November 25, 2015
It's that time of the year again when some unscrupulous parties grab a domain name, set up a site and start selling counterfeit or non-existent goods to unwary holiday shoppers.
A recent warning from U.S. Immigration and Customs Enforcement (ICE) and U.S. Customs and Border Protection (CBP) imparts some good advice for Australian online shoppers too.
The agencies have provided a timely reminder for consumers to be aware of online scams involving counterfeit goods instead of genuine products.
Buying dodgy goods isn't just a waste of money, it can be dangerous too.
"Counterfeit electronics that overheat due to improper manufacture, fake bicycle helmets that break upon impact and phony cosmetics that lead to skin ailments are just a few examples of knock-off items sold online that present a serious health and safety risk," says a media release.
The counterfeit issue is rife on the web. By December last year, ICE says it had seized nearly 30,000 domains involved with the activity.
Among the potential warning signs of counterfeit activity are goods at very low prices, websites without proper contact information, shipping from foreign locations and goods looking slightly different. The ICE release also warns of being sent to a third party site for payment; however, processors such as PayPal are safe - as long as it is PayPal and not a forgery; because if it's the latter, then your sensitive financial information is also at risk.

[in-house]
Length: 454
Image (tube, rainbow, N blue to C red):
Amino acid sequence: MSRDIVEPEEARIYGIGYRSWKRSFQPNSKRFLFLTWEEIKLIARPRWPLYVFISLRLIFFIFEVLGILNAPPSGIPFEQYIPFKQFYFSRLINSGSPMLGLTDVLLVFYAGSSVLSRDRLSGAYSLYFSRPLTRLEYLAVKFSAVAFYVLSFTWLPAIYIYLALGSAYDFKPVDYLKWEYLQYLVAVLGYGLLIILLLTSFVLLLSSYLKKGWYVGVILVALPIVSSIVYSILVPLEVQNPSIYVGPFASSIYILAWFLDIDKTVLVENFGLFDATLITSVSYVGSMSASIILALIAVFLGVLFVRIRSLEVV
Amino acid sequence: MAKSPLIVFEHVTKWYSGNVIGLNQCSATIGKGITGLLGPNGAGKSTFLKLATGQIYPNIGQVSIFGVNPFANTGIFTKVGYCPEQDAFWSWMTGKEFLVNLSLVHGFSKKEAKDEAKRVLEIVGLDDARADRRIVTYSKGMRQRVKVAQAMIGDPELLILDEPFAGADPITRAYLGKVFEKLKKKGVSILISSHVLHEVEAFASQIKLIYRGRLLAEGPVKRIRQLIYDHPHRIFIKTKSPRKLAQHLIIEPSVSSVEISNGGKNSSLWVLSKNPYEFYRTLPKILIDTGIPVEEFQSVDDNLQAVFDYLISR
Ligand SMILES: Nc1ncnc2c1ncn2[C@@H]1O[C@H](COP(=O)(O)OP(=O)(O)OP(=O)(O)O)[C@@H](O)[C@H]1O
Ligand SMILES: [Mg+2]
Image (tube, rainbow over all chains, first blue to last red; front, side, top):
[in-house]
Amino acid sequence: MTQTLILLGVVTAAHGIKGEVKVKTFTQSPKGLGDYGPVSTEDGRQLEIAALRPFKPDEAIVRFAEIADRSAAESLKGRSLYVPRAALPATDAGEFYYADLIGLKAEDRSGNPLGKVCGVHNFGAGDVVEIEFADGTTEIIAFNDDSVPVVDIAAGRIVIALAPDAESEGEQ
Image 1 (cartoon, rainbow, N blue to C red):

Generally speaking; old wisdom very much applies when shopping online - if a deal seems too good to be true, then it probably is.
For Australian online shoppers, buying goods from a website hosted under a .COM.AU domain name can provide some level of reassurance. Unlike some other domain extensions, to be able to register a .AU name registrants must meet certain and rather stringent eligibility criteria; including the provision of supporting identification such as an ABN (Australian Business Number).
While a .COM.AU domain name won't guarantee you're dealing with an ethical company, it does help provide some level of recourse should a transaction go bad.
The .AU domain space enjoys a high level of consumer trust. A survey carried out in 2014 found two-thirds of respondents were more likely to trust a .AU website compared with only a third for a .COM.
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